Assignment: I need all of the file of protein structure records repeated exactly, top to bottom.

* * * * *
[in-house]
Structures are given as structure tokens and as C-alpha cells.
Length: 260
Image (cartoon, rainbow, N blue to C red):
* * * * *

[in-house]
Structures are given as structure tokens and as C-alpha cells.
Length: 260
Image (cartoon, rainbow, N blue to C red):